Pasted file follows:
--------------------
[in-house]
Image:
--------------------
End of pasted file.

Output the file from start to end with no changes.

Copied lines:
[in-house]
Image: